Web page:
Colin Brown Photography/Creative Commons
An American Airlines jet taxis at Sky Harbor Airport, a hub for the airline, in this 2018 file photo. Executives at the airline have said they might have to furlough or lay off 19,000 workers on Oct. 1 without more federal aid, but they have not said where the cuts might come.
WASHINGTON – American Airlines’ announcement that it could let go up to 19,000 workers on Oct. 1 has left the airline’s roughly 10,000 employees in Arizona worried, but hopeful the state can avoid the worst of the cuts.
The airline has not specified which regions of the country will see the cuts – which American executives said would not be needed if the federal government passes a new round of relief funding.
That has one local union “blasting out all over Facebook” to get members to press their representatives for a deal.
“I think some think that a second stimulus will come,” said Pat Rezler, assistant general chairman of the International Association of Machinists and Aerospace Workers, 141st District. “But some are hesitant on believing that.
“People are worried,” Rezler added.
It is unclear how many jobs, if any, American will cut at the airline’s hub in Phoenix Sky Harbor International Airport. An airline spokesperson said a regional breakdown of the job cuts is not yet available.
In a letter to employees last week, American Chairman and CEO Doug Parker and President Robert Isom announced plans to either furlough or permanently lay off 19,000 U.S. employees on Oct. 1 if Congress fails to pass a new round of stimulus to support the airline industry.
A company spokesman said 17,500 of those reductions would be furloughs, and 1,500 would “involuntary separations on the management side.”
When Congress passed the $2 trillion Coronavirus Aid, Relief and Economic Security Act earlier this year, it included $25 billion to help passenger airlines under the Payroll Support Program, a part of the CARES Act that is set to expire Sept. 30.
“When it (the CARES Act) was enacted in March, it was assumed that by Sept. 30, the virus would be under control and demand for air travel would have returned,” Parker and Isom said in the letter. “That is obviously not the case.”
A spokesman for the Allied Pilots Association used an aviation metaphor to explain the need for more aid. Dennis Tajer said the initial stimulus “was like holding fuel,” that pilots use to stay aloft while waiting for a place to land.
“There was a storm over the field that popped up without notice, and instead of diverting to another field, we got six months of holding fuel,” Tajer said. “That holding fuel will be expiring.”
American has filed WARN Act notices in some other states where the airline has hubs, including Illinois, New York, California, and North Carolina. The Worker Adjustment and Retraining Notification Act requires that employers provide at least a 60-day notice when large-scale layoffs are pending.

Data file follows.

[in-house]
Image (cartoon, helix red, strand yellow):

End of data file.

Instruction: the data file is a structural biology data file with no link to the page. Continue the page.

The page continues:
No such notice appears in Arizona’s WARN Act database – but the last entry there is from July 21, and American would have had until July 31 to file notice with the state. When asked Monday if American had filed a notice, the Arizona Department of Economic Security said it would respond to a public records request for any documentation.
At the beginning of this year, American had more than 8,600 employees at its Phoenix hub and about 1,400 elsewhere in the state, an airline official said. That number is likely smaller now, as the announcement of involuntary cuts was preceded by more than 12,500 voluntary departures nationwide, the company’s letter said.
Rezler said about 130 of the estimated 1,075 fleet service workers his union represents in Phoenix opted for early retirement or other voluntary leave packages. He expressed some optimism that those voluntary departures would be enough to stave off further cuts among his members in Phoenix.
“If you have enough that took the early outs or the leaves, then your work group will possibly be saved,” he said.
Even if Phoenix is not targeted, however, Rezler worries some workers there might be displaced by workers with more seniority who are laid off elsewhere – a practice called “bumping in.”
“That is my main concern here as I think we escape the initial cuts,” Rezler said.
If Congress can reach a deal on extending the PSP, such concerns will be moot, at least for now. His union has been doing its part to make such a deal happen, he said.
“We’ve had members reach out to their representatives. We’ve been blasting out all over Facebook and telling people, ‘Hey, take the time to send it in,'” he said. Rezler said he is at least “somewhat optimistic” their efforts will bear fruit.
“The Democrats seem to be for it. The Republicans, I’ve heard some are for it,” he said.
Fred Yamashita, executive director of the Arizona AFL-CIO, was less hopeful, saying the Senate “has just refused to hear any of these (aid) bills coming out of the House.”
Tajer said he thinks Congress wants to get a deal done, but noted – again, using a flying metaphor – that that’s different than actually getting it done.
“So we’re very pleased to see that,” he said. “But now we need to do more than just talk about flying the airplane. We need to actually have it cleared for takeoff.”